For a lot of organizations, getting to go to a conference for a day or more comes with one very long string attached: the requirement to come back and share what they learned with other members of their team who weren’t so lucky. This opens a major window for startups who want to get noticed if they can make that task of preparing a lunch n’ learn a lot easier by providing material that not only captures the best of the event, but helps identify the next steps they should take.

Here’s a quick list of just a few ways you could turn a conference into something that feeds your marketing automation across multiple channels:

  • Email: Start a campaign that leverages blog posts that detail what was happening on the ground, and how the lessons learned from speakers could help address common business problems.
  • Infographic: Many conferences make slides from sessions available to attendees after the fact. Draw out compelling stats and other data that can be visually represented in a way that reinforces the business case for using your startup’s product or service.
  • Video: If you manage to speak with speakers or other interesting attendees, turn these into short interview clips that build community between your customers and their peers, while positioning your startup as the facilitator of important conversations.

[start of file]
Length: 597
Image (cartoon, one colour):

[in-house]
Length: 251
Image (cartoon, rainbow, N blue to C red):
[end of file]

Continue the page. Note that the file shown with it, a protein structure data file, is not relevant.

• Social: Host a Twitter chat, a Google Hangout or Facebook Live session where you distill your own experience from the conference, and encourage prospects to use it as the jumping-off point for their own debriefs with account teams.
  • Webinar: Even the best conferences leave some unanswered questions. Try to help your audience get closer to figuring them out by hosting your own virtual followup.

Even if none of these tactics gets your startup a sale, it will provide a way to approach attending and participating in events that will increase your odds over time. Startups can’t afford to miss any chance to grow their business.

Discover more ways to maximize event ROI with our blog post How to Successfully Network at an Industry Event.